C lint Briggs (Ryan Reynolds) is a media consultant who sells the public whatever image his client wants, unbothered by the pesky truth. He’s also being haunted by a series of ghosts—and he’s not having it. Mid-haunting, he interrupts the floating corpse of Jacob Marley (Patrick Page).
“I’m so sorry,” Briggs interjects. “I’m stuck on the first thing there—you said past, present, future—like A Christmas Carol , the Dickens story? The Bill Murray movie with Bobcat Goldthwait?”
“Yes, yes, like the Dickens book and the Bill Murray movie,” Marley replies with frustration. “And every other adaptation nobody asked for!”
This self-referential bit comes from Spirited —a musical comedy starring Reynolds, Page, Will Ferrell, Octavia Spencer, and Sunita Mani—which has its Apple TV+ streaming release on Nov. 18. It is the umpteenth retelling of Charles Dickens’ 1843 novella A Christmas Carol , a timeless story that has evolved through the centuries. This time, though, the classic tale is told from the perspectives of the ghosts, who select one corrupt soul to reform each year.
Read more: The Real Reason Charles Dickens Wrote A Christmas Carol
And the new movie musical is in good company: The Internet Movie Database lists more than 100 versions of A Christmas Carol , including a video game. Episodes of more than 20 TV shows have been inspired by the novella, and four opera and two ballet versions of the story exist. No fewer than three adaptations are due this season alone; in addition to Spirited , Netflix has an animated version voiced by Olivia Colman and Luke Evans due Dec. 2, and a version will be staged on Broadway beginning Nov. 21 with more than 50 roles played by actor Jefferson Mays.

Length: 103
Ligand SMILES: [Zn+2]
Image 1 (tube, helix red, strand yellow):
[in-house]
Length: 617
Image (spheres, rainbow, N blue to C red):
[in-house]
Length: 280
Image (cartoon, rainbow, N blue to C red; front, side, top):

A Christmas Carol has spawned countless iterations—perhaps because of its bent for redemption and faith in humanity. While the original is firmly rooted in the mid-19th century, its themes translate all too well into the modern day.
How Spirited channels A Christmas Carol
“It is not surprising that A Christmas Carol continues to catch the hearts of cultures founded on and unsettled by socio-economic inequality,” Tim Carens , the director of British Studies at the College of Charleston, told English department blog Folio in 2018.
“It is a melodramatic morality tale made for communities that can neither justify nor condemn the process through which a small minority extracts vast wealth from the labor of the many,” Carens continued. “Melodramas achieve catharsis by polarizing good and evil.”
In Spirited , that small minority is represented by the Briggs Media Group, which specializes in exploiting human laziness and desperation to sell products, images, candidates—you name it. The many, in one early scene, are depicted by the National Association of Christmas Tree Growers, struggling against the rise of artificial Christmas trees and same-day shipping.
Briggs takes the stage at a Christmas tree convention to con the trade group members into buying his exorbitant services—and manipulating their customers. “Every Facebook-loving Boomer wants to fight a culture war,” Briggs sings. “So tell your core consumer what the hell they’re fighting for: A fight for morality.”
In Briggs, the Ghost of Christmas Present (Will Ferrell) finds his perfect Scrooge, a symbol of contemporary apathy, narcissism, individualism, and capitalism. The media consultant is an “unredeemable,” collectively deemed by the other ghosts as too far gone to be saved, but the Ghost of Christmas Present is determined.
What makes A Christmas Carol work
The themes and framework of A Christmas Carol fit neatly into the 21st century—as they have since the publication. Originally published on December 19, 1843, the first edition sold out by Christmas Eve. Since then, it has never gone out of print—largely because its examination of the haves versus the have nots has never become irrelevant.